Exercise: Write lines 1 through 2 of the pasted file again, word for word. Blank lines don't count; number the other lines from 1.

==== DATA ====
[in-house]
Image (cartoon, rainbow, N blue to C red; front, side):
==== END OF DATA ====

[in-house]
Image (cartoon, rainbow, N blue to C red; front, side):